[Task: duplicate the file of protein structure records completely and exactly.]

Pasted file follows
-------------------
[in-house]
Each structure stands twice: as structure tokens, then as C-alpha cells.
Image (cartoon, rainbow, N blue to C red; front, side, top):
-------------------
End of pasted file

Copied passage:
[in-house]
Each structure stands twice: as structure tokens, then as C-alpha cells.
Image (cartoon, rainbow, N blue to C red; front, side, top):